Community banks are particularly vulnerable to fluctuating interest rates, as nearly half of their assets mature or reprice in three or more years.
Chart 6 shows that loan balances rose by 117.9 billion dollars during the fourth quarter and 3.6 percent during the last year. Almost all of the major loan categories reported quarterly increases, except for the commercial and industrial loan portfolio, which reported the first quarterly decline since fourth quarter 2016. On an annual basis, the commercial and industrial loan portfolio grew at its lowest rate since 2010.
Loan growth at community banks was strong, with total loans rising by 5.5 percent from a year ago. The commercial real estate loan portfolio drove growth among community banks, with increases in loans for both existing properties and for construction and development.
The next chart shows that asset-quality indicators remain generally stable. The noncurrent loan rate declined by 1 basis point from the previous quarter to 0.91 percent, while the net charge-off rate rose by 4 basis points from a year ago to 0.54 percent.
The commercial and industrial loan portfolio reported the largest dollar increase in net charge-offs for the current quarter. The net charge-off rate for commercial and industrial loans increased to 0.42 percent from 0.32 percent a year ago, but remains below the recent high of 0.50 percent reported in fourth quarter 2016.
Modest deterioration in agriculture loan portfolios continued, as challenges for the agriculture sector remain. The net charge-off rate for agriculture loans remained low, but noncurrent rates increased in both farmland and agricultural production loan categories. Community banks' agriculture loan noncurrent rate increased 5 basis points from the previous quarter to 1.32 percent, and the agriculture loan net charge-off rate increased 1 basis point to 0.18 percent.
Chart 8 shows that the industry’s reserve coverage ratio, which measures loan-loss reserves relative to total noncurrent loan balances, declined slightly from the previous quarter to 129.7 percent. The quarterly reduction in the reserve coverage ratio was due to a slight decrease in loan-loss reserves.
Chart 9 shows that the number of banks on the FDIC’s “Problem Bank List” declined from 55 to 51 during the quarter. This is the lowest number of problem banks since fourth quarter 2006. Three new banks opened in the fourth quarter, for a total of 13 new banks in 2019. Three banks failed during the quarter.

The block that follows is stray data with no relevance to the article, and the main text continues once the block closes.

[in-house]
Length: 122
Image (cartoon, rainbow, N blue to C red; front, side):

The Deposit Insurance Fund (DIF) balance was 110.3 billion dollars on December 31, up 1.4 billion dollars from the end of last quarter. Assessment income was the largest contributor to the increase in the fund, followed by interest earned on investment securities held by the DIF. Estimated insured deposits were 7.8 trillion dollars at the end of December, an increase of 1 percent from last quarter.
Chart 10 shows that the reserve ratio—the amount in the Deposit Insurance Fund relative to insured deposits—remained at 1.41 percent at the end of December.
Small banks earned a total of 765 million dollars in credits for the portion of their assessments that contributed to growth in the reserve ratio from 1.15 percent to 1.35 percent. The FDIC will apply approximately 145 million dollars of credits to offset the fourth quarter assessments of small banks, which are due in March. By March 31, the FDIC estimates that it will have applied a total of 704 million dollars, or 92 percent, of the credits earned by small banks.
In summary, the banking industry reported a decline in both full-year and quarterly net income and is facing some headwinds caused by the interest-rate environment. However, the banking industry fundamentals remain strong, with continued loan growth, stable asset quality indicators, and a decline in the number of "problem banks."
We will now answer questions regarding full-year or fourth-quarter performance of the banking industry.